Huawei has announced the HiSilicon Kirin 960 processor a few weeks before the Mate 9 is expected to be revealed, being the successor to their potent Kirin 950 and 955 processor.
We definitely expect to see the 960 in the Mate 9, but Huawei’s track record has shown it’s likely to use the processor (or tweaked variant thereof) in next year’s P10 flagship as well.
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Don’t believe me? Well, we’ve seen the Huawei P8 Max’s Kirin 935 chip used in the Mate S later that year, the chip being a slightly faster version of the Kirin 930 used in the vanilla P8 (review).
So then, it’s almost guaranteed that we’ll see this chip (or a Kirin 965) in the P10. What should we expect from the new processor then?
A big step up for mobile chips in general
Easily the most notable upgrade in the new processor is the move to four A73 cores, accompanying four power-sipping A53 cores.
The Kirin 960 is quite possibly the first chipset to feature these cutting-edge A73 cores, succeeding the heavy-lifting A72 cores revealed late last year. So what does this mean for performance then?
Well, it’s not a gigantic leap in performance at all, but the A73 promises some significant efficiency gains. In fact, at the time of the core’s reveal, ARM claimed “sustained performance and power efficiency” gains of 30% compared to the A72. In other words, expect better battery life for the same tasks and better performance for sustained tasks (e.g. lengthy gaming sessions, benchmarks etc).
A big upgrade in graphics
The HiSilicon chips have generally been mediocre in the graphics department, with the Kirin 950 using a ARM Mali T880 MP4 (the four in ‘MP4’ denotes ‘quad-core’ graphics) GPU. This was easily the weakest link in the Kirin 950.
By comparison, the Exynos 8890 used in the Galaxy S7 range used a similar but beefier Mali T880 MP12 graphics component (featuring 12-core graphics). As a result, Samsung’s processor was able to out-muscle most smartphones in the graphics and VR stakes.
Fortunately, the Kirin 960 ups the ante in a big way, in the form of all-new Mali-G71 graphics, built on new architecture. According to Anandtech, the new chip will feature octacore graphics, so not as many cores as the Exynos 8890, but the new design should fill that gap in many ways.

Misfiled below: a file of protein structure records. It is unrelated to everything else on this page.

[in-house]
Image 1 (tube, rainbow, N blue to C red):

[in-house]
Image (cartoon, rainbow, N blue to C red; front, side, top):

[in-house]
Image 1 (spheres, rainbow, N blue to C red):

The Kirin 960 should deliver a smooth VR experience and might just take the fight to Samsung’s Exynos chips
So apart from better-looking games, what else can you expect from the upgraded graphics? GPU architect ARM notes that the new graphics tech is also made with VR in mind. Couple that with rumours about Huawei releasing a Daydream VR handset and it’s looking like the Mate 9 will join the Pixel and Galaxy S7 as a VR beast.
“The Mali-G71 GPU was developed expressly to meet the needs of new industry advancements such as the Vulkan cross-platform graphics API from Khronos as well as the ever growing demand for a smooth mobile VR experience,” ARM explained on its website.
How does it compare to its predecessor, the T880?
The new GPU is capable of delivering “up to 20% better energy efficiency, 40% better performance density and 20% external memory bandwidth saving compared to Mali-T880 under similar conditions”. And this comparison is ostensibly done with the same number of cores, which means the Mali-G71 GPU used in the 960 could be an even more formidable beast.
Combine the upgraded GPU, additional number of cores and Vulkan API support and you’ve got a major improvement over this year’s Huawei silicon.
Finally, 4K comes to Huawei flagships
Sure, we’ve seen 4K recording in the Huawei Nexus 6P and the Huawei Nova range, but those phones all used Qualcomm’s Snapdragon chips.
The Kirin 960 however marks the first time that Huawei’s own high-end chips support 4K video recording, Anandtech noted. In other words, expect the Mate 9 and P10 to support 4K video recording.